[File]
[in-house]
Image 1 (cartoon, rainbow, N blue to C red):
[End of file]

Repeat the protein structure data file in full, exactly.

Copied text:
[in-house]
Image 1 (cartoon, rainbow, N blue to C red):